SUMMIT COUNTY, OH - The Summit County Health District has received a report of a confirmed case of La Crosse encephalitis which resulted in the death of a northern Summit County resident.
LA Crosse encephalitis (LACV) is a rare disease that is caused by a virus spread by infected mosquitoes. Approximately 80-100 disease cases of LACV are reported in the United States each year and the disease does occur in the state of Ohio.
The mosquitoes that spread LACV are most active during the daytime and often make their homes in or near infested woods. The last reported case was nearly 10 years ago. There is no specific treatment for LACV infection-- care is based on symptoms.
LACV is transmitted by the bite of an infected mosquito and is not transmitted person to person.
Many people infected with LACV have no apparent symptoms. Among people who become ill, initial symptoms include fever, headache, nausea, vomiting, and tiredness. Some of those who become ill develop severe symptoms that may affect the nervous system. Severe disease occurs most often in children under the age of 16.
In rare cases, long-term disability or death can result from La Crosse encephalitis. If you or a family member has symptoms of LACV disease or any symptoms causing you concern, consult a healthcare provider for proper diagnosis.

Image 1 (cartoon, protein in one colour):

The best way to reduce your risk of infection of any mosquito-born viruses is to prevent mosquito bites. Follow the following prevention tips from the Center for Disease Control and Prevention:
* Use insect repellent containing DEET, picaridin, IR3535 or oil of lemon eucalyptus on exposed skin and/or clothing.
* Wear long sleeves, pants, and socks when weather permits.
* Have secure intact screens on windows and doors to keep mosquitoes out.
* Stay indoors while mosquitoes are most active.
* Mosquitoes lay eggs in standing water. Eliminate mosquito breeding sites by emptying standing water from flower pots, buckets, barrels, tires and other containers. Drill holes in tire swings so water drains out. Keep children's wading pools empty and stored in their side when not in use. If you have any questions or concerns, please contact Communicable Disease Division at the Summit County Health District, 330-926-5787.